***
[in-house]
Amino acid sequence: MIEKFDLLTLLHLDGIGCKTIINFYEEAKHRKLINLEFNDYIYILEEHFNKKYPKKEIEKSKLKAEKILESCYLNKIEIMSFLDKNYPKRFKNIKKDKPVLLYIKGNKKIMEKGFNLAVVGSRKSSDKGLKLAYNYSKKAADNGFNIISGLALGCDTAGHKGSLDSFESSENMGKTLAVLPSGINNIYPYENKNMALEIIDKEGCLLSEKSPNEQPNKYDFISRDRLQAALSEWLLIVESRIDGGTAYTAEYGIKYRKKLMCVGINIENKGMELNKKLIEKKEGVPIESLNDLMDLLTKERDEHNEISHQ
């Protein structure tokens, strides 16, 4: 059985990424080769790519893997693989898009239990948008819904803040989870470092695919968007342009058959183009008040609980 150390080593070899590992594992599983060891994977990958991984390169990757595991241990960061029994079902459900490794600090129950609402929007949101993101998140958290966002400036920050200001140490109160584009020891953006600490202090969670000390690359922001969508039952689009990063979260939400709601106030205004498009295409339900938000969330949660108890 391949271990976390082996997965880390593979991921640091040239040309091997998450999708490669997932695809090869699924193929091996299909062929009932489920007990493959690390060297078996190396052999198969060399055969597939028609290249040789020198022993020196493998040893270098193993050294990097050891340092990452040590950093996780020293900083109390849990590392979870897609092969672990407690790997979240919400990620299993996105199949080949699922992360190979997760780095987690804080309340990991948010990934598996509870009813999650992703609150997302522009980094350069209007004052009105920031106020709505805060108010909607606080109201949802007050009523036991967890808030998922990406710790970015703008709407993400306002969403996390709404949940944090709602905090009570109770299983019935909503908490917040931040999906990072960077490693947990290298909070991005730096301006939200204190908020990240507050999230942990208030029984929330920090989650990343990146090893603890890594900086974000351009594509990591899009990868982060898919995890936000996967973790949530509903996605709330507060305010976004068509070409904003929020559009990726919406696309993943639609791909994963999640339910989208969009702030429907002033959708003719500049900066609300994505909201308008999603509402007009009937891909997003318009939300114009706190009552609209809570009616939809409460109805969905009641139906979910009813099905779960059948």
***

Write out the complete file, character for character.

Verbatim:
[in-house]
Amino acid sequence: MIEKFDLLTLLHLDGIGCKTIINFYEEAKHRKLINLEFNDYIYILEEHFNKKYPKKEIEKSKLKAEKILESCYLNKIEIMSFLDKNYPKRFKNIKKDKPVLLYIKGNKKIMEKGFNLAVVGSRKSSDKGLKLAYNYSKKAADNGFNIISGLALGCDTAGHKGSLDSFESSENMGKTLAVLPSGINNIYPYENKNMALEIIDKEGCLLSEKSPNEQPNKYDFISRDRLQAALSEWLLIVESRIDGGTAYTAEYGIKYRKKLMCVGINIENKGMELNKKLIEKKEGVPIESLNDLMDLLTKERDEHNEISHQ
């Protein structure tokens, strides 16, 4: 059985990424080769790519893997693989898009239990948008819904803040989870470092695919968007342009058959183009008040609980 150390080593070899590992594992599983060891994977990958991984390169990757595991241990960061029994079902459900490794600090129950609402929007949101993101998140958290966002400036920050200001140490109160584009020891953006600490202090969670000390690359922001969508039952689009990063979260939400709601106030205004498009295409339900938000969330949660108890 391949271990976390082996997965880390593979991921640091040239040309091997998450999708490669997932695809090869699924193929091996299909062929009932489920007990493959690390060297078996190396052999198969060399055969597939028609290249040789020198022993020196493998040893270098193993050294990097050891340092990452040590950093996780020293900083109390849990590392979870897609092969672990407690790997979240919400990620299993996105199949080949699922992360190979997760780095987690804080309340990991948010990934598996509870009813999650992703609150997302522009980094350069209007004052009105920031106020709505805060108010909607606080109201949802007050009523036991967890808030998922990406710790970015703008709407993400306002969403996390709404949940944090709602905090009570109770299983019935909503908490917040931040999906990072960077490693947990290298909070991005730096301006939200204190908020990240507050999230942990208030029984929330920090989650990343990146090893603890890594900086974000351009594509990591899009990868982060898919995890936000996967973790949530509903996605709330507060305010976004068509070409904003929020559009990726919406696309993943639609791909994963999640339910989208969009702030429907002033959708003719500049900066609300994505909201308008999603509402007009009937891909997003318009939300114009706190009552609209809570009616939809409460109805969905009641139906979910009813099905779960059948």